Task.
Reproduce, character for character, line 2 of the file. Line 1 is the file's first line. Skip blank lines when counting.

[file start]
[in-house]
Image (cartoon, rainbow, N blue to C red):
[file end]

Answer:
Image (cartoon, rainbow, N blue to C red):